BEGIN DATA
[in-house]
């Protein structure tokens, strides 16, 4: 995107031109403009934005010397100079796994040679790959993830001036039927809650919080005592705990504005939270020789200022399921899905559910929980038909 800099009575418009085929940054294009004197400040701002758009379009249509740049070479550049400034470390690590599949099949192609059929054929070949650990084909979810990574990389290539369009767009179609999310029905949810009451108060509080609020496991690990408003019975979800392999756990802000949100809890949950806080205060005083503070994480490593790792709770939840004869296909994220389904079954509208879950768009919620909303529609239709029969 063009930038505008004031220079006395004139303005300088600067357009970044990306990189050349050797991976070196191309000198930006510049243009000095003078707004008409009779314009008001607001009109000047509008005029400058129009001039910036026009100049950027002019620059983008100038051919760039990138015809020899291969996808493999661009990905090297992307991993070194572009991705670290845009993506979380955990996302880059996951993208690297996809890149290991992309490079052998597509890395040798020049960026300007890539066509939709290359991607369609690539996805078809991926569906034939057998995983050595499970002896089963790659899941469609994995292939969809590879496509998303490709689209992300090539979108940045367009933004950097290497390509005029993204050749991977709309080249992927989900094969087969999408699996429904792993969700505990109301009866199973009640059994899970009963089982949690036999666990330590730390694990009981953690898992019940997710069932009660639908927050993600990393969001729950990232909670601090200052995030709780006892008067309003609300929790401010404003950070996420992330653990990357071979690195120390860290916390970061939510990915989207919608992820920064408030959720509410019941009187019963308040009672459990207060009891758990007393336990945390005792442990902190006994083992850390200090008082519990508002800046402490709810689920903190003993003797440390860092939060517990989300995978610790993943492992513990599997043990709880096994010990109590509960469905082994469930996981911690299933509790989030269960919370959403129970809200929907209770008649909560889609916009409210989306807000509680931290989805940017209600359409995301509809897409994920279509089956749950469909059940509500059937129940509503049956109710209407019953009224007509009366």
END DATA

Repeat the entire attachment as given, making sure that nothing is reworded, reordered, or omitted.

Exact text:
[in-house]
């Protein structure tokens, strides 16, 4: 995107031109403009934005010397100079796994040679790959993830001036039927809650919080005592705990504005939270020789200022399921899905559910929980038909 800099009575418009085929940054294009004197400040701002758009379009249509740049070479550049400034470390690590599949099949192609059929054929070949650990084909979810990574990389290539369009767009179609999310029905949810009451108060509080609020496991690990408003019975979800392999756990802000949100809890949950806080205060005083503070994480490593790792709770939840004869296909994220389904079954509208879950768009919620909303529609239709029969 063009930038505008004031220079006395004139303005300088600067357009970044990306990189050349050797991976070196191309000198930006510049243009000095003078707004008409009779314009008001607001009109000047509008005029400058129009001039910036026009100049950027002019620059983008100038051919760039990138015809020899291969996808493999661009990905090297992307991993070194572009991705670290845009993506979380955990996302880059996951993208690297996809890149290991992309490079052998597509890395040798020049960026300007890539066509939709290359991607369609690539996805078809991926569906034939057998995983050595499970002896089963790659899941469609994995292939969809590879496509998303490709689209992300090539979108940045367009933004950097290497390509005029993204050749991977709309080249992927989900094969087969999408699996429904792993969700505990109301009866199973009640059994899970009963089982949690036999666990330590730390694990009981953690898992019940997710069932009660639908927050993600990393969001729950990232909670601090200052995030709780006892008067309003609300929790401010404003950070996420992330653990990357071979690195120390860290916390970061939510990915989207919608992820920064408030959720509410019941009187019963308040009672459990207060009891758990007393336990945390005792442990902190006994083992850390200090008082519990508002800046402490709810689920903190003993003797440390860092939060517990989300995978610790993943492992513990599997043990709880096994010990109590509960469905082994469930996981911690299933509790989030269960919370959403129970809200929907209770008649909560889609916009409210989306807000509680931290989805940017209600359409995301509809897409994920279509089956749950469909059940509500059937129940509503049956109710209407019953009224007509009366």